Oct. 31, 1999


by Charles Goodrich

Broadcast Date: SUNDAY: October 31, 1999

Poem: "Yellowjackets" by Charles Goodrich from Insects of South Corvallis published by Knot House, Corvallis, Oregon.

Since this is the last Sunday in October, Standard Time resumed today at 2 a.m. in each time zone, as specified in the Uniform Time Act of 1966. Many people remind themselves of which way to move the small hand by using the rule, ‘Fall back, Spring ahead.' Benjamin Franklin was among the first to suggest that clocks be set ahead in summer to create a longer working day. During the First World War, Germany adopted Daylight Savings Time to save energy; Britain and the United States soon did the same.

Today is Halloween, also called All Hallow's Eve, the eve of All Saints' Day. Which makes it sound like a Christian holiday—but actually the tradition goes back much further. In ancient days, Celts living in what is now Britain and Ireland considered November first their New Year's Day, called the feast of "Samhain." Hilltop bonfires encouraged the waning sun and frightened off evil spirits. To take the place of this pagan celebration, Christians eventually moved a springtime holiday—a day for honoring Mary and all the saints—to November first, calling it All Saints' Day.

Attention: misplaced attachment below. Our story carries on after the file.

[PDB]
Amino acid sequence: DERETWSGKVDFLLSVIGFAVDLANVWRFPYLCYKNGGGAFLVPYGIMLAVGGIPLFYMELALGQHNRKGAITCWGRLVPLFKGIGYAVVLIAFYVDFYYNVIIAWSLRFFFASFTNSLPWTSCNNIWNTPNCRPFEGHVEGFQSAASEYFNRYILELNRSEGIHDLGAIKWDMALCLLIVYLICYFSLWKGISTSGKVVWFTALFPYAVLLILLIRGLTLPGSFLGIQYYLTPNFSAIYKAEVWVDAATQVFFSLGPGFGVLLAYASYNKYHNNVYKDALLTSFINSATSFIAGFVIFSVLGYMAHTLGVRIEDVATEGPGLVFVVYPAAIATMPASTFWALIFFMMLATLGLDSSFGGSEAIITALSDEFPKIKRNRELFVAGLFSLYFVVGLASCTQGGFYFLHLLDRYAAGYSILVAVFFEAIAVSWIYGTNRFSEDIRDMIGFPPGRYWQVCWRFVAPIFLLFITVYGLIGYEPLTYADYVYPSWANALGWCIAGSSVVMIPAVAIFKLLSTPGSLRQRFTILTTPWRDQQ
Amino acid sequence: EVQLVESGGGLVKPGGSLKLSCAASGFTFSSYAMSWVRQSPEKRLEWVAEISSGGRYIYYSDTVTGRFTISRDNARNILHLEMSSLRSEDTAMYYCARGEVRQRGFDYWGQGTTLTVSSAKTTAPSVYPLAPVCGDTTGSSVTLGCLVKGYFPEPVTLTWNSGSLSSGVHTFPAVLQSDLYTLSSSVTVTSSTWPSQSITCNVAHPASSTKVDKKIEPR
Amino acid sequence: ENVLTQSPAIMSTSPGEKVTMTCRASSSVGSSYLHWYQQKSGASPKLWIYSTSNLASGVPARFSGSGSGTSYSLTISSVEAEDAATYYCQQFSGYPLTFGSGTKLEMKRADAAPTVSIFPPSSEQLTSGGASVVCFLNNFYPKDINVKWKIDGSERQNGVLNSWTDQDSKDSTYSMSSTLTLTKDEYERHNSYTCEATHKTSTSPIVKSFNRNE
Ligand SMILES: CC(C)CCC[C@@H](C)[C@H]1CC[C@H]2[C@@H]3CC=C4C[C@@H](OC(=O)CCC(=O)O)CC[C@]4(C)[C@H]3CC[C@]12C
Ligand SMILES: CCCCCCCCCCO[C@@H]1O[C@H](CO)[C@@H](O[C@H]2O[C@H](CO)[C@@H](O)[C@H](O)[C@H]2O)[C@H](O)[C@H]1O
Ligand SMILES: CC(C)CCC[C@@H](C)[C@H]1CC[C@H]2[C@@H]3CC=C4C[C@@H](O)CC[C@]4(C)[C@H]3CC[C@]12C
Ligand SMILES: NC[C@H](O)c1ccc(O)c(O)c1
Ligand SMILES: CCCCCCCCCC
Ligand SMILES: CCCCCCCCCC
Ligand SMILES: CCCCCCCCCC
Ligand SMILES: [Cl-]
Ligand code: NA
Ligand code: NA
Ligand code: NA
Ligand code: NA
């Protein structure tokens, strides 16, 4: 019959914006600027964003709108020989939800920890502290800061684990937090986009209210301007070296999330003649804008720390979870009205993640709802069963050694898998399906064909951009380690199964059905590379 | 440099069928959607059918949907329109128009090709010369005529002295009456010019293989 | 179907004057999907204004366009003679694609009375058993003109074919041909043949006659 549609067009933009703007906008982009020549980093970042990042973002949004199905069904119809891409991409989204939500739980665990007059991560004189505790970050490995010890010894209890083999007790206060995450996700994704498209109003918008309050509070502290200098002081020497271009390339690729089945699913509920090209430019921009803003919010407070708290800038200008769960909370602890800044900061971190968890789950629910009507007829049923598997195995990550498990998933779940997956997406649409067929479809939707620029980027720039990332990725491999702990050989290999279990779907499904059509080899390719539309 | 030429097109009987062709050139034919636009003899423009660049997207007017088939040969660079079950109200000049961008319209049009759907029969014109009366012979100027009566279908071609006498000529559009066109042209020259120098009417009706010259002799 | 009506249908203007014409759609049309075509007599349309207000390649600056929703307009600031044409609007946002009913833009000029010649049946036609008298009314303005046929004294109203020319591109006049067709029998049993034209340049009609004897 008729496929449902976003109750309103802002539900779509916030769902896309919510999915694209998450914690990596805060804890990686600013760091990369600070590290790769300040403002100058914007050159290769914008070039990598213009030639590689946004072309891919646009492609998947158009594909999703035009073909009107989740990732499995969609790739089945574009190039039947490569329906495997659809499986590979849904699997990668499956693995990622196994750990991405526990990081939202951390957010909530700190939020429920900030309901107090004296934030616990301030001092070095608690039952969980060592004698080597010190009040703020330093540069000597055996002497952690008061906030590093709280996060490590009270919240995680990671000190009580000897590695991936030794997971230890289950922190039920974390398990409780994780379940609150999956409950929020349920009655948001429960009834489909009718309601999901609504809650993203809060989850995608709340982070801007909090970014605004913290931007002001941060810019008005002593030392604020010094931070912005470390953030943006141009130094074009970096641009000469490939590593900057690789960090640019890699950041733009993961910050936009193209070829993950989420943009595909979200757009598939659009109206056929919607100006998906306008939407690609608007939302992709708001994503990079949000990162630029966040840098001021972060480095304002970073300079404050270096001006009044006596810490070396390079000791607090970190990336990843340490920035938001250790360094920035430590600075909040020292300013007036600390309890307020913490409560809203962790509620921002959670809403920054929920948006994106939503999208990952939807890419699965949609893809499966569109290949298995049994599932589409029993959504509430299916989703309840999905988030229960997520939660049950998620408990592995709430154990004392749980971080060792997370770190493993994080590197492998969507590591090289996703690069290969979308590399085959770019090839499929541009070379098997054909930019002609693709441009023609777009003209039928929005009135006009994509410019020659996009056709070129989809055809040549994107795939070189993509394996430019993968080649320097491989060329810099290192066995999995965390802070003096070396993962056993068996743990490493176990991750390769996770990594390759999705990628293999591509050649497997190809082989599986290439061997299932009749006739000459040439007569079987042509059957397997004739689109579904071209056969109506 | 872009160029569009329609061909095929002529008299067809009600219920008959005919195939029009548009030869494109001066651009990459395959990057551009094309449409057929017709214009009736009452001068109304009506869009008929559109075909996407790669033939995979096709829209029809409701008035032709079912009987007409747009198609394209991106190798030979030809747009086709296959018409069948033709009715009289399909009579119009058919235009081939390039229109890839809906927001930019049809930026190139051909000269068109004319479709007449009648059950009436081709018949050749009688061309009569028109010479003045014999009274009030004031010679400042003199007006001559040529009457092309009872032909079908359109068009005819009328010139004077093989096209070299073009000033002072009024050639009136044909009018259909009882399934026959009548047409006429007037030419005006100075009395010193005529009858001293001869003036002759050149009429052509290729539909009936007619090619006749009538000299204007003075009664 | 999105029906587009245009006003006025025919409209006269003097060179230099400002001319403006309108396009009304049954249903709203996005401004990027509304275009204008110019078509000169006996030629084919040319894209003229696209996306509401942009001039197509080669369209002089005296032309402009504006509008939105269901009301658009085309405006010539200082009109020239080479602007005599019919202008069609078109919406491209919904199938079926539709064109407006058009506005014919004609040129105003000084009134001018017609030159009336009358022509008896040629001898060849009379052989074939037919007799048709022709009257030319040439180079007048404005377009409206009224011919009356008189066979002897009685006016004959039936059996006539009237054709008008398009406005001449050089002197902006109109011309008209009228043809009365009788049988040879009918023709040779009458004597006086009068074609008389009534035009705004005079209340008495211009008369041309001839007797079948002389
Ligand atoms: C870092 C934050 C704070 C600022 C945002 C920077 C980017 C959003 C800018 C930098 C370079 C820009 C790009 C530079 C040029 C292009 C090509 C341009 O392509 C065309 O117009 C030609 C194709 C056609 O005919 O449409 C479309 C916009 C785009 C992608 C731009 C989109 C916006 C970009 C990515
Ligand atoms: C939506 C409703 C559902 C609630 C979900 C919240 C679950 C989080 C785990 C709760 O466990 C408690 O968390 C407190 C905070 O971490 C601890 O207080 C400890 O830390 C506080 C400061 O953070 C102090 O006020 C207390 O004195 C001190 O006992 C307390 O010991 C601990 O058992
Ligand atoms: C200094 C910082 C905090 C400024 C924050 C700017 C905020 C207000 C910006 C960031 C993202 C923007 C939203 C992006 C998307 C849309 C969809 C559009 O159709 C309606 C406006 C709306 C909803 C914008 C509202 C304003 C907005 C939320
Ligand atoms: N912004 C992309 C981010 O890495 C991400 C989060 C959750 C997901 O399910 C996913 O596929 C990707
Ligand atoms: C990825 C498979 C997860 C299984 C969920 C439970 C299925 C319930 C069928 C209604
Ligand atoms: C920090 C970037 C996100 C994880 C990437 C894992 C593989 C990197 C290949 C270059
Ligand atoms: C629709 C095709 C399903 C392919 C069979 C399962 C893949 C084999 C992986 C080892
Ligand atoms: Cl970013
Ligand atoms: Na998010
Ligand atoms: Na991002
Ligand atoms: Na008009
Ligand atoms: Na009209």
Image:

It's the birthday of Romantic lyric poet John Keats, born in his father's livery stable in 1795. His father fell from a horse and died when Keats was 9; his mother died of tuberculosis when Keats was 14. It was at this point that he took to reading ravenously, especially Spenser's Faerie Queene and both Greek and Roman mythology. At 16 he was apprenticed to a surgeon, but he broke off his training three years later and worked for several hospitals as a junior house surgeon. His first collection of poems was a critical failure, but he forged ahead, and by the time he turned 22 had given himself completely to poetry. In the summer of 1818, on a walking tour of the Lake District and Scotland, he exhausted himself, bringing on the tuberculosis his family was prey to—it had already killed his mother, and that same year would kill his younger brother Tom. This was also when Keats fell deeply in love with a neighbor girl, Fanny Brawne, who often returned his affection but often drove him to fits of jealousy. Although overwrought with grief and love and deteriorating health, he managed in that one year (1819) to compose all his best poetry, including his great odes— "On Indolence," "Ode on a Grecian Urn," "Ode to Psyche," "Ode to a Nightingale," "On Melancholy," "To Autumn"—and two versions of the epic poem "Hyperion." Early the next year, after a long raw journey seated outside a carriage, he came down with a fever, spat up blood—and knew, from his medical training, that it was arterial blood, his death sentence. Seven months later he sailed for Italy with his friend Joseph Severn, hoping to recover in a warmer climate, but lasted only 5 months, dying in Rome, in Severn's room near the Spanish Steps, a few months after his 25th birthday. The bitter epitaph he wrote for his tombstone read: "Here lies one whose name was writ in water."